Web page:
One of the four symbiotic hearts of the Mapzen Android SDK is the rendering engine that paints maps, markers, and routes onto a screen. The rendering engine has the job of visually communicating the deluge of data that a map contains about any part of the world, and doing it quickly and efficiently so that it’s delightful to use. This is a hard problem, but one that’s essential to a good mapping experience.
In the Mapzen Android SDK we chose to use our home-grown cross-platform map renderer, tangram-es. There are three main reasons that tangram-es was the best fit for our needs (and maybe yours too). First, it’s entirely open-source, which is important to the Mapzen commitment to an open mapping ecosystem. Second, it is relatively agnostic to the format and contents of the map data you use, so you’re not locked into Mapzen’s vector tiles. Third, it has a ludicrously flexible styling system that lets us make some very handsome and effective cartography.
With tangram-es we have a unique set of cartographic tools, including a text layout and rendering engine that we’ve built from the ground up to produce high-quality text handling the many different features of many scripts, even those with text-shaping (like Hindi), right-to-left layout (like Hebrew), or both (like Arabic).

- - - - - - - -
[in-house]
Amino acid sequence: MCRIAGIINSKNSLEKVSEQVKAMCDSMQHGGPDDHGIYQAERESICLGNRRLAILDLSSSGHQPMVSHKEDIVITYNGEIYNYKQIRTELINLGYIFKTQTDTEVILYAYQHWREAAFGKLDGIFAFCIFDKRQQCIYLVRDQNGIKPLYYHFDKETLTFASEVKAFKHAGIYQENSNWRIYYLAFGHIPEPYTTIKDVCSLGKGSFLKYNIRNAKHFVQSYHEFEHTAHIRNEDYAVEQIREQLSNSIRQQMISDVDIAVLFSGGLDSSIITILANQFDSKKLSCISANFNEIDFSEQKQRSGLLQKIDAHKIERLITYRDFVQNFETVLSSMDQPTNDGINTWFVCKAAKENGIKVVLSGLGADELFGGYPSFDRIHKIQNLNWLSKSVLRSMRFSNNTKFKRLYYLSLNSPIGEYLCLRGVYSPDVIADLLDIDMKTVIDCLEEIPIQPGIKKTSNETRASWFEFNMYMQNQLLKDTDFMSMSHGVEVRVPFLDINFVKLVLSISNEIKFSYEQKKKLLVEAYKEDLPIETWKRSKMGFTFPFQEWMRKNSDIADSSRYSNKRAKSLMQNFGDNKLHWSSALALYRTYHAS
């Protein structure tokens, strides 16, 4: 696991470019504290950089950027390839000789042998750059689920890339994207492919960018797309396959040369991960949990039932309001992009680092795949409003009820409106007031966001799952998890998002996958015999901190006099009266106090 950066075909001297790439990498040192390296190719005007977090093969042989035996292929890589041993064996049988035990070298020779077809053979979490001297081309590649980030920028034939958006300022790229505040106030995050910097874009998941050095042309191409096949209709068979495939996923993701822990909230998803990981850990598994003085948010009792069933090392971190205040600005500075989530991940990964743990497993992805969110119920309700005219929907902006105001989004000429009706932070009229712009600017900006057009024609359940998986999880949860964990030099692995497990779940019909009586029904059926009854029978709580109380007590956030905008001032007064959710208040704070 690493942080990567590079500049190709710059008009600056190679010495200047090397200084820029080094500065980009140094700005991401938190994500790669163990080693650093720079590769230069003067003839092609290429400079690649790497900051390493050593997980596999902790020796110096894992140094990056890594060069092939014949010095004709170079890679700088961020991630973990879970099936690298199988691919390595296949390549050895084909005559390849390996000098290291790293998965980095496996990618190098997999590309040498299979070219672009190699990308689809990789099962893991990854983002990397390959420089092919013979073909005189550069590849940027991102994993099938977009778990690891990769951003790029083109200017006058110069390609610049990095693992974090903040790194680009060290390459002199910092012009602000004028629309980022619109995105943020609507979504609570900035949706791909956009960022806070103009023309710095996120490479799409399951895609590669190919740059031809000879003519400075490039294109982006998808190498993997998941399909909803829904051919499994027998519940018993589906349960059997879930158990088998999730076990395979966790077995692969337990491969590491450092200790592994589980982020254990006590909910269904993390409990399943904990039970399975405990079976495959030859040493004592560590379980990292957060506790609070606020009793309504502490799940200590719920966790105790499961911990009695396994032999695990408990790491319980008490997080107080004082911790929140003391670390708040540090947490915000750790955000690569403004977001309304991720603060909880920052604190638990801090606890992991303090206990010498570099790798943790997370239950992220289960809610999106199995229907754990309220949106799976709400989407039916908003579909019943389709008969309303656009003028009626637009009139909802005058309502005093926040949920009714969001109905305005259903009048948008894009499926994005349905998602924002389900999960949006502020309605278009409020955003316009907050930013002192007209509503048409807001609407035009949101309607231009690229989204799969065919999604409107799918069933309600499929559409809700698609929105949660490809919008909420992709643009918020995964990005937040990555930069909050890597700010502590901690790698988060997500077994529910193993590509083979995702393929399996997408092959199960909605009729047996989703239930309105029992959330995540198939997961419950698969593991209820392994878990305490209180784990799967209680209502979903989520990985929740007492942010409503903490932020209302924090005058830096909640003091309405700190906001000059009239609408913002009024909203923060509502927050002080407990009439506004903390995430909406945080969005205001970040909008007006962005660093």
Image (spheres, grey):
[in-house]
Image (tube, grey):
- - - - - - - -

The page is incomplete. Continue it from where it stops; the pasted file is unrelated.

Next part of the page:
Flexibility is great, but it’s like a double-edged sword — or at least like a really sharp cheese grater that makes you nervous when you use it. Sometimes you don’t need precise control over every aspect of a map: you just want it to work and look good. The Mapzen SDK has you covered so you can focus on the cool stuff that you’re doing in the rest of your app. Our expert cartography team has put together a global set of vector tiles and a comprehensive map style that are both available automatically when you use the SDK. We also provide handy bits like an automatic current location marker (this uses LOST, our location provider, which you’ll hear more about soon!).
Getting a map view into your app with the Mapzen Android SDK is straightforward and should be familiar if you’ve used other mapping SDKs. We’ve documented it all here: https://mapzen.com/documentation/android/getting-started/
Maybe you’re the type of developer who likes really sharp swords and cheese graters. You might prefer to have full control over all the details of the renering engine. Fortunately, the full array of tangram-es features is at your fingertips when you use the Mapzen Android SDK. Using
MapzenMap$getMapController() you can access the tangram-es instance that powers the graphics in the SDK.
If you’re interested in using tangram-es on Android by itself, it’s easily accessible through Gradle as a Maven dependency. In your
build.gradle file, just add
compile "com.mapzen.tangram:tangram:$tangram_version" to the
dependencies section of your project with the latest tangram-es version (check Maven Central).
There’s a lot more to say about map rendering, but this is just one of the tools you get when you use the Mapzen Android SDK. Stay tuned for the rest of this week to hear about our search, routing, and location tools!